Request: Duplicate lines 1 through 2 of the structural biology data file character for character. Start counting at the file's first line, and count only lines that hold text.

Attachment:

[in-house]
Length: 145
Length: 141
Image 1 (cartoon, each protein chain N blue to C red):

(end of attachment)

[in-house]
Length: 145